The Hollowing Out of Destiny

There are a few things that really worry me, and the decline of training and education — which is leading to a drop in technical skills — is right at the top. Let me tell you why.

After World War II, the U.S. was the preeminent economic and military power by default. We were at the right place at the right time with the right people and the right culture. Our factories hadn’t been bombed, our military-industrial complex was bustling and the world was calling. What an amazing time it was. People from all over the world came to the United States for undergraduate and graduate educations and often stayed to partake in the wealth and betterment of life. It was a wonderful phase, but the world has moved on to new things.

Like so many civilizations before, the United States has entered an era of maturity and decline. Today it is without a doubt the top military power on the planet through the use of force-multiplier technology. The challenge is that the economic base in the United States needed to support that technology is entering a fading grey twilight. Our advancements are based on inertia rather than design.

The industrial era was accompanied by huge factories and labor economies. With electronics came miniaturization and digital logic, with a decreasing emphasis in capital intensity save for certain industries. Now we are entering into the world of nanotech and quantum physics.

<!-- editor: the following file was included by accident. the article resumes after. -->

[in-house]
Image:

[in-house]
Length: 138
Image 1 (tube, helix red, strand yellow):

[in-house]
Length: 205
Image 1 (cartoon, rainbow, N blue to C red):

We have shifted from empires of steel to empires of the mind. We have shifted from economies of scale to economies of knowledge. In many areas, the creators of knowledge will never produce anything physical. Either their output will be produced by someone else or what is created will never take a physical form other than to be stored in vast knowledge repositories governed not by states but by corporations.

If we think in terms of a simple two-dimensional model comparing knowledge intensity to societal benefits, we can hypothesize about potential outcomes.

The “Purpose Driven” high-value knowledge-intensive economies will be the ones that have a concerted effort between government and corporations to develop an exceptionally educated citizenry. As a result, they will have the necessary mix of persistent and transient skills to excel. This is something that happens not in months, but in years or even decades.

Talking about shaping corporate culture is one thing; here we are talking about shifting a nation’s culture. The prize will go to the nations and corporations who recognize the value of education, basic research and develop the necessary fertile environment for innovation and capitalism. The societal benefits will be evidenced by higher standards of living, education and a sustainable military advantage.